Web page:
5. Lukas Miko (71 Fragmente einer Chronologie des Zufalls)
From the start we know that Miko’s character, Max, is going to commit a shooting, but we don’t know why or how. Haneke plays with our ignorance, giving the audience subtle clues about the motivations of Max, but a definitive answer is never provided.
Bit by bit, we see how Max gets frustrated by daily life. Miko makes Max seem absent, like he was disappointed by where his choices have gotten him. At times he reacts violently to random events.
This actor expresses a loner attitude in the film; we see Max practicing ping pong with a machine, implying that he has nobody to play with, and he gets increasingly frustrated with the monotone run of the machine.
He’s a student but isn’t very motivated; Max holds a passion for ping pong instead. We see him cheerfully talking on the phone with his mom (who he calls regularly), a few scenes after buying a gun for unknown purposes.
Lukas Miko’s performance is key to Michael Haneke’s intentions of keeping the shooter’s motive to the audience’s judgement. Max seems like a normal young person who is dissatisfied with his current life conditions, but most young individuals don’t shoot a bank full of people out of a deep sudden frustration.
Best Scene in the Film: The scene just before Max becomes a murderer is particularly tense, thanks to his stellar performance. He’s wandering a gas station in front of a bank, and we know that’s where the shooting is going to take place.
Every gesture Miko makes is under analysis; we want to know what triggers his anger. Some have their theories, but the most apparent one is that he got fed up by society’s individualism. But Miko’s realistic portrayal doesn’t leave us with easy solutions to the enigma.
4. Juliette Binoche (Code inconnu)
The French superstar delivers one of the best performances of her career, playing an actress with a busy love life and enormous talent.
Every performance on this list is nicely conditioned by Michael Haneke’s directing choices. “Code inconnu” holds a fragmented storytelling style that empathizes each actor’s powerful scenes, and Binoche stars in a lot of them. At times she carries the movie by herself, showing great range in performing intense dramatic scenes to comedic ones, with the same level of commitment and realness.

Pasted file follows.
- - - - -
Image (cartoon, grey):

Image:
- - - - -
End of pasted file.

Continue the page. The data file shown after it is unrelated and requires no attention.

Sometimes it’s hard to differentiate the times when Binoche’s character is acting for a film, and when she’s just living her life. Both scenarios are equally interesting. Haneke plays with this idea, making us watch Binoche go through frightening situations, only for us to realize that we’re watching her act in a movie within the movie.
Juliette Binoche succeeds in portraying the sometimes tiring life of a Parisian actress, and she stands out in a film full of great performances.
Best Scene in the Film: In the first minutes of “Code inconnu”, we see Binoche going to an audition to star in a crime movie, in which the character she’s auditioning for is kidnapped.
For the whole fragment, she stares directly into the camera as the casting director films her audition and reads lines, playing her kidnapper. Binoche holds her sight deeply onto the spectator as she panics and demands to know the reason why the criminal wants to murder her.
For a moment we forget the scene is just an audition, as Binoche’s passion briefly tricks us into thinking she’s really being kidnapped, and soon to be murdered.
3. Jean-Louis Trintignant (Amour)
“Amour” is known for its heartbreaking story in which an old lady, named Anne, suffers a stroke and her mental features slowly degenerate, under the patient watch of her husband Georges. Trintignant plays said husband who is forced to be the pillar of strength that supports the couple’s decades-long relationship.
Georges does all he can to take care of his wife, but it never seems to be enough. Regardless of his constant efforts to keep Anne healthy, she keeps getting worse day by day. Trintignant depicts his frustration with subtlety, leaving artificial sentimentalism aside, as Haneke instructed his actors constantly during the film’s shooting.
Trintignant’s character can’t help but feel like he’s useless and constantly gets mad for being unable to stop or even slow his wife’s degeneration process. He dedicates the totality of his time to her and even tries to protect Anne’s dignity and memory, not letting their daughter see her when she’s in a very bad state.
Jean-Louis Trintignant constructs a complex character that is as hard to play as it is to watch without shedding a tear.
Best Scene in the Film: For what can be considered a master class in acting, Trintignant gives the most impressive performance by an actor in recent memory in the final scene of “Amour”.